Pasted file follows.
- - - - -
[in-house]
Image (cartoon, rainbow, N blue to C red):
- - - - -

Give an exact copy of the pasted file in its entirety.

[in-house]
Image (cartoon, rainbow, N blue to C red):